Want a 100TB disk drive? You'll have to wait 'til 2025. . Computerworld. Nov 25, 2014.

An industry consortium released a road map showing that new recording technologies could yield 100TB hard drives in about 10 years.

As disk drive densities increase, the potential for data errors also increases due to a phenomenon known as superparamagnetism, where the magnetic pull between bits on a platter's surface can randomly flip them, thus changing their value from one to zero or zero to one. "Thus higher storage capacities requires the introduction of new digital storage technology."

Tuesday, December 02, 2014

Introducing the New Forever Flash: The Best Business Model in Storage Gets Even Better

Pure Storage has introduced a new approach to storage: a plan called Forever Flash. They view it as perpetual storage [in the business sense, not in the digital preservation sense]. It is intended to help customers get off of the expensive and disruptive 3-year tech refresh and replace cycle. It is maintenance coverage that proactively protects all hardware and software on the array with replacement parts and support as needed, including SSDs, for as long as a customer remains on maintenance and support.

- 11.20.2014

Monday, November 24, 2014

Curation Costs Exchange: Supporting Smarter Investments in Digital Curation

Curation Costs Exchange: Supporting Smarter Investments in Digital Curation. Sarah Middleton. Educause Review Online. November 10, 2014.

Tools to manage and estimate costs have not been integrated into other digital curation processes or tools. To determine why that is so a consortium of 13 European cost modeling specialists launched the Collaboration to Clarify the Costs of Curation (4C) project.

4C seeks to help organizations better understand the costs and benefits of digital curation and preservation, and to help users draw together existing and useful resources so they can both make their own assessment of existing models and develop their own cost modeling exercises. The Curation Costs Exchange (CCEx), a platform for the exchange and comparison of digital curation costs and cost information, is a key 4C project deliverable developed to support these goals.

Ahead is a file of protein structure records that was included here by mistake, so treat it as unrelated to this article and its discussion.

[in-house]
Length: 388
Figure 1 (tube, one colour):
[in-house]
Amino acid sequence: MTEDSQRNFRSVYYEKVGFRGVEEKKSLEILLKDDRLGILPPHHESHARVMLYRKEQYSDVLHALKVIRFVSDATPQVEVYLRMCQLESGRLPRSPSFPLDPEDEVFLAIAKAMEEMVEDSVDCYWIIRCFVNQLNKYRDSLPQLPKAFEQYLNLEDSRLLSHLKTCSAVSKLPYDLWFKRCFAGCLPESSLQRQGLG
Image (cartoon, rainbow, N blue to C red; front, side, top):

The Cost Comparison Tool enables the exchange of sensitive data and gives users the opportunity to identify greater efficiencies, better practices, and valuable information exchanges among peers. There is also the Understand Your Costs toolkit. The Economic Sustainability Reference model highlights key digital curation concepts, relationships, and decision points in a complex problem space, helping users benchmark and compare their own local models.

Are libraries sustainable in a world of free, networked,digital information?

Are libraries sustainable in a world of free, networked,digital information? Lluís Anglada. El profesional de la información. 7 November 2014. [PDF]

Interesting article looking at libraries through the stages of modernization, automation and digitization, and at a formula for evaluating the importance of libraries to society. The article concludes that "if the current generation of librarians does not introduce radical changes in the role of libraries, their future is seriously threatened."

The formula proposed is the sustainability is equal to the value divided by the cost, and the value is the use minus the dysfunctions and modified by the perceptions of the library "S= (U - D + 2P) / C".

Libraries are changing because of technology and needs, but there is a danger that people will perceive them as unable to provide the information that users demand. If this continues, those funding the libraries will provide less support. The perceptions must change in order for libraries to be sustainable.
Some thoughts from the article:
  • Libraries are changing from being a space to store, locate and use books to places where people interact and socialize. This should transform the perception that citizens have of their libraries, seeing them as places to ‘change lives by giving people the tools they need to succeed’.
  • Libraries depend on public funding, and their future depends on the perception or mental image of libraries held by administrators and policy makers who allocate budgets  
  • Libraries used to show statistical data on resources; they must now show their value to those who support them financially 
  • The emergence of new roles for libraries does not mean that all library services have evolved over time. In the new environment, some traditional strengths of libraries are weakening.
  • Library catalogues and automated systems were innovative in the ’80s, but have been stuck in outmoded practices. Users have adapted quickly to the ‘googlization’ of information and do not understand why they should have to look in different places to get a unique solution to an information need. 
  • Two key elements for future library sustainability: perception and adaptation to a new paradigm